UI & SKL International: Iraqis Striving for Change

In October 2021, two years after the latest outburst of youth-driven protests started in Iraq, parliamentary elections were held with a remarkably low turnout. A new government is yet to be formed while Iraq’s core problems remain unresolved. In which direction is Iraq heading, and what can the international community do to support positive change?

Iraq has one of the world’s youngest populations. Roughly 800,000 young Iraqis enter the workforce every year, only to find that job opportunities are few and far between. In October 2019, the non-sectarian Tishreen protest movement brought the core issues to the fore: uninhibited corruption within the ruling elite while the majority of the population lives in poverty; lack of rule of law; foreign meddling and the activities of state-financed, autonomous militias who are not accountable to anybody. The protesters were met with lethal force.

The MENA analyst Bitte Hammargren has been commissioned by SKL International to research and write a series of reports on the current state of affairs in Iraq. The recently published report, Iraqis striving for change: ”We want a homeland”, builds on fieldwork conducted in November 2021. She has conducted interviews with Iraqis in various positions in Baghdad and south Iraq, including young protesters from the Tishreen movement, leading clerics in Iraq’s centre for Shiism in Najaf, female professionals in a conservative environment and many others.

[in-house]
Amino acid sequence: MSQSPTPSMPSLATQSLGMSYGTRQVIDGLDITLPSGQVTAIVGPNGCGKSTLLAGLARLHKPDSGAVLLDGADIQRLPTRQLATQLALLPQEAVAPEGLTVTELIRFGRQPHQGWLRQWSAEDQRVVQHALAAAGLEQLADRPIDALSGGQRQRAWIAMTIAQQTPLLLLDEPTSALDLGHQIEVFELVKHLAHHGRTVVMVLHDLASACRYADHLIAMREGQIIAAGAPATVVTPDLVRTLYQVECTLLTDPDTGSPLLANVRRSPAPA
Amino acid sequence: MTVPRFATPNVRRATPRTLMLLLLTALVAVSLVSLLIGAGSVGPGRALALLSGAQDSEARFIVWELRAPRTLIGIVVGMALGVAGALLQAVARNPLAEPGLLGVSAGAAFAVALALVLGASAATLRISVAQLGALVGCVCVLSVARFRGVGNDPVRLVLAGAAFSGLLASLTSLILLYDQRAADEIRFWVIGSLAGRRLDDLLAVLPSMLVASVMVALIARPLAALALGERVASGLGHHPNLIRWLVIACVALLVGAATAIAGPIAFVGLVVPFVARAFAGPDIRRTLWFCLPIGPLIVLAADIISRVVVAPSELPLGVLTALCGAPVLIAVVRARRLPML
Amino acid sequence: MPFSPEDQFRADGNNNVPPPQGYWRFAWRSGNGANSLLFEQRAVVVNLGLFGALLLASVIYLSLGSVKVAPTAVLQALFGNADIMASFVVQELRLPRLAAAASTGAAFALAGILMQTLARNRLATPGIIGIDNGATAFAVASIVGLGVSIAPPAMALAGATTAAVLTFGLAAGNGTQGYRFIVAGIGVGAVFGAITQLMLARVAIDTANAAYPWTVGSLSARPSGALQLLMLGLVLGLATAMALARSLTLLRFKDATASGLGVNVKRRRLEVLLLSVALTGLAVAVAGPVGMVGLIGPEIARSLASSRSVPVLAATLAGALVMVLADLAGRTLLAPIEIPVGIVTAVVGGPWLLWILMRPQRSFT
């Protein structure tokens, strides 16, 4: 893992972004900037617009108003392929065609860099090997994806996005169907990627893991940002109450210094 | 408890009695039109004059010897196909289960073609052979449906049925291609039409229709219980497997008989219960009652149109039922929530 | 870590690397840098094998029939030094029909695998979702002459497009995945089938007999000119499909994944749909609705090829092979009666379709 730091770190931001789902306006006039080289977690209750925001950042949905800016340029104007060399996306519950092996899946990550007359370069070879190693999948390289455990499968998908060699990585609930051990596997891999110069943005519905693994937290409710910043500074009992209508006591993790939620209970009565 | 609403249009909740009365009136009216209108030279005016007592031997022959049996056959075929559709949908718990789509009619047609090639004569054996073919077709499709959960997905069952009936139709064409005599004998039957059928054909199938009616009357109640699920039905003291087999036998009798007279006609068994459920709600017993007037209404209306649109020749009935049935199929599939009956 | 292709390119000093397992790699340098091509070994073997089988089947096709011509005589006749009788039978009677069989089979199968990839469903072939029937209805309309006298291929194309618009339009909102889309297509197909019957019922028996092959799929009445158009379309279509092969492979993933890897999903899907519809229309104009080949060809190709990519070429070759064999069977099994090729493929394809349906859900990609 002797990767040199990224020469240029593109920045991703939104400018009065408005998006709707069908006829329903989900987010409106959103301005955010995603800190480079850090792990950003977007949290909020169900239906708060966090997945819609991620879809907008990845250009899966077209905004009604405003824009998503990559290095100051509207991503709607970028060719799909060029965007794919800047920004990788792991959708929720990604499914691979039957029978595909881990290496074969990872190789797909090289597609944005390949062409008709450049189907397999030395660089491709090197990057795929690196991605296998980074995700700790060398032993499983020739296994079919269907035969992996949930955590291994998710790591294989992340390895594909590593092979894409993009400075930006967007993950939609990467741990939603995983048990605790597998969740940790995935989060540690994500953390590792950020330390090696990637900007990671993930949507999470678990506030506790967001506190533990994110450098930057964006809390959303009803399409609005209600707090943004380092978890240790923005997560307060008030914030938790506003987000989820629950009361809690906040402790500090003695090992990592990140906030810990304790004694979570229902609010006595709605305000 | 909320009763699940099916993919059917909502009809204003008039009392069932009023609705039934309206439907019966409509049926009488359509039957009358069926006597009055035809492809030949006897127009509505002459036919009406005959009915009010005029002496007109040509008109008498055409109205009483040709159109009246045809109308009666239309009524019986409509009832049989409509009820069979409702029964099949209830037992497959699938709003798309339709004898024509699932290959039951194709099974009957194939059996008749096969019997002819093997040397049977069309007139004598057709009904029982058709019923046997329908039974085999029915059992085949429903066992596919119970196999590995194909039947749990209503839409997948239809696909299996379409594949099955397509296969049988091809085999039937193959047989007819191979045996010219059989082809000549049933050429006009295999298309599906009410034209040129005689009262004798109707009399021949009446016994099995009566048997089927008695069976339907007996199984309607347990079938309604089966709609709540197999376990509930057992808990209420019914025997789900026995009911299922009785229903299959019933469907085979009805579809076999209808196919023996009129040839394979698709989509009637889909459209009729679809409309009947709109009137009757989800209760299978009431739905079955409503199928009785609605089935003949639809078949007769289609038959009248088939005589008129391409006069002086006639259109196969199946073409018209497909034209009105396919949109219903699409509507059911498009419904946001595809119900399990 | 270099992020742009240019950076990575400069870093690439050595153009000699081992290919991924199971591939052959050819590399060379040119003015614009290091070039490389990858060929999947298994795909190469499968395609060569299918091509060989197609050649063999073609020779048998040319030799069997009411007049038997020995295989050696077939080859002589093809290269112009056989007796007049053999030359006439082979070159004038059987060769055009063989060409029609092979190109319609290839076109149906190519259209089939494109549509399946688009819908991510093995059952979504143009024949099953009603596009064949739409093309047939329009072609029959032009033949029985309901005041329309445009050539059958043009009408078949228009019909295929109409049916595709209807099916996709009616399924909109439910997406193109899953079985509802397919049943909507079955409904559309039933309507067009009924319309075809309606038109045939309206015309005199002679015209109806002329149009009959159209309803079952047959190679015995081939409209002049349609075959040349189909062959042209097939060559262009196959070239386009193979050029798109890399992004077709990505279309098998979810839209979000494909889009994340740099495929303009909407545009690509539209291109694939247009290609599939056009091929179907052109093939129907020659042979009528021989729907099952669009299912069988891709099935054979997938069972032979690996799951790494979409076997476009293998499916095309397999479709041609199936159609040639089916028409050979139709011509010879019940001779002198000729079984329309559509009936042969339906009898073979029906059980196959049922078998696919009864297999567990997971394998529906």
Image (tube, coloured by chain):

SKL International, an affiliate of the Swedish Association of Local Authorities and Regions, in cooperation with the Swedish Institute for International Affairs (UI) invite you to a webinar discussing the popular demands for change in Iraq and the structural barriers and resistance hindering it.

Bitte Hammargren, Turkey & MENA analyst, journalist and writer; Senior Associate Fellow at UI’s Middle East and North Africa Programme
Lahib Higel, Senior Iraq Analyst at the International Crisis Group, based in Baghdad
Gunnar Andersson, Senior expert, Local Governance in Iraq project, SKL International

The webinar is moderated by Rouzbeh Parsi, Head of Programme at the Middle East and North Africa Programme at the Swedish Institute of International Affairs.

Use this link to register for the event

SIPRI Policy Brief on the economy and public service provision in Iraq

Fixing the Economy and Public Service Provision in Iraq

Author: Shivan Fazil (SIPRI)
December, 2021

Stockholm International Peace Research Institute


Iraq’s ethnosectarian power-sharing system, with its weak institutions and low levels of accountability, has penetrated the economy and hindered the performance of the state and provision of basic services. Lack of access to economic opportunities and quality public services has been a recurring grievance during the protests in Iraq. The state’s failure to fulfil the protestors’ demands is a widely seen as a symptom of its weakness, which has resulted in calls from protestors for the complete overhaul of the political system. This, however, is unlikely in the short term.